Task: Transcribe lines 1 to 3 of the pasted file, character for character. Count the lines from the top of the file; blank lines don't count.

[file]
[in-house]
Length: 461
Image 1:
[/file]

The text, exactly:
[in-house]
Length: 461
Image 1: